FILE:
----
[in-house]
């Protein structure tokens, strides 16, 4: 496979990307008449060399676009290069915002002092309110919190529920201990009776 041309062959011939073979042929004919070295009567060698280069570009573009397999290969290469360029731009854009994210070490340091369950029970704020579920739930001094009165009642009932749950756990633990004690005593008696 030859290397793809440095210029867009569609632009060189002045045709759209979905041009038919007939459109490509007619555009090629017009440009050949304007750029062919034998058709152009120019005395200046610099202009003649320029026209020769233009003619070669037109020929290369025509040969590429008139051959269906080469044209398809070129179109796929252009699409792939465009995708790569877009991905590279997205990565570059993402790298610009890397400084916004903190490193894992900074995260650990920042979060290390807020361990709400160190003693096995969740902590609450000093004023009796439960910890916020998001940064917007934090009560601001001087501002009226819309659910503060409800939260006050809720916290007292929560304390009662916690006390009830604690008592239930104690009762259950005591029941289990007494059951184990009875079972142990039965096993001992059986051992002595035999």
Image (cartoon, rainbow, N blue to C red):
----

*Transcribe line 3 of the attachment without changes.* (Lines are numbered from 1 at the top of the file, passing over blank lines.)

Image (cartoon, rainbow, N blue to C red):